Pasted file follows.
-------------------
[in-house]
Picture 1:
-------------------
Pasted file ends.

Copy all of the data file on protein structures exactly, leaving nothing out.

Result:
[in-house]
Picture 1: